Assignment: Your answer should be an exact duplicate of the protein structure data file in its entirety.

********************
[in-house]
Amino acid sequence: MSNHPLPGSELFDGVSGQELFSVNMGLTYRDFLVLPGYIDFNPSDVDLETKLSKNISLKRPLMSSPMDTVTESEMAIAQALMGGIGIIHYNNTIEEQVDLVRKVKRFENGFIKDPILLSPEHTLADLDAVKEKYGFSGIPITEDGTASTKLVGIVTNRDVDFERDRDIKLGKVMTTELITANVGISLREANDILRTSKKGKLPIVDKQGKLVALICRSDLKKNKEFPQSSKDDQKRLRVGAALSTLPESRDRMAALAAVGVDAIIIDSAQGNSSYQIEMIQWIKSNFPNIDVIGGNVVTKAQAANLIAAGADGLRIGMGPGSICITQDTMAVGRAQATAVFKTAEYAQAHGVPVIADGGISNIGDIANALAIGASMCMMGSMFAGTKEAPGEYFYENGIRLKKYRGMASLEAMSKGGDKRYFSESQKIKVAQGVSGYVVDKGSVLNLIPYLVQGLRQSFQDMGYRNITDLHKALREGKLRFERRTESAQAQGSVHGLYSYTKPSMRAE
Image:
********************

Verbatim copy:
[in-house]
Amino acid sequence: MSNHPLPGSELFDGVSGQELFSVNMGLTYRDFLVLPGYIDFNPSDVDLETKLSKNISLKRPLMSSPMDTVTESEMAIAQALMGGIGIIHYNNTIEEQVDLVRKVKRFENGFIKDPILLSPEHTLADLDAVKEKYGFSGIPITEDGTASTKLVGIVTNRDVDFERDRDIKLGKVMTTELITANVGISLREANDILRTSKKGKLPIVDKQGKLVALICRSDLKKNKEFPQSSKDDQKRLRVGAALSTLPESRDRMAALAAVGVDAIIIDSAQGNSSYQIEMIQWIKSNFPNIDVIGGNVVTKAQAANLIAAGADGLRIGMGPGSICITQDTMAVGRAQATAVFKTAEYAQAHGVPVIADGGISNIGDIANALAIGASMCMMGSMFAGTKEAPGEYFYENGIRLKKYRGMASLEAMSKGGDKRYFSESQKIKVAQGVSGYVVDKGSVLNLIPYLVQGLRQSFQDMGYRNITDLHKALREGKLRFERRTESAQAQGSVHGLYSYTKPSMRAE
Image: